Pressure fuse used in J&K drone attack hints at Pak military role: Probe team

The Fact News Service
New Delhi, July 12

The investigation into the Jammu Air Force Station drone attack has revealed that the technique of “pressure fuse” used in the bombs indicates the role of Pakistan army or the ISI in helping the Lashkar-e-Toiba in fabricating the IEDs, sources in the probe agency said.

The improvised explosive device (IED) that damaged the rooftop of one of the IAF buildings at the Jammu airport carried less than 1 kg of RDX and a cocktail of some chemicals, whereas the one that fell in the open contained a little over 1 kg of the deadly explosives along with some ball bearings, the sources said.

The IED used in the June 27 attack “definitely” used the technical expertise of the Pakistani military. The “pressure fuse” technique used is similar to the ones used by the Pakistani military, they added. According to explosive experts, a “pressure fuse” is usually put to use in minefields, anti-tank mines and those dropped by the air force in the fuselage between the explosive and main detonator of a shell or an IED.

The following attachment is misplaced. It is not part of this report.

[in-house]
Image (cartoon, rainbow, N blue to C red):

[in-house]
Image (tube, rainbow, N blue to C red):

The explosive devices are activated by the pressure of either falling on the ground with force or some individual or vehicle passing over these.

Most of the artillery shells and mortar bombs have this type of fuse. This is the reason why they don’t explode in the air, but only on impact, sources said.

Director General of Jammu and Kashmir Police Dilbag Singh had earlier said that Pakistan-based terrorists of Lashkar-e-Toiba were suspected to be behind the bombing of the IAF station in Jammu using drones, which might have come from across the border.

The NIA took over the investigation into what was the first instance of Pakistan-based terrorists deploying drones to strike vital installations in India on June 29.

Two IAF personnel were injured in the explosions that took place within six minutes of each other.

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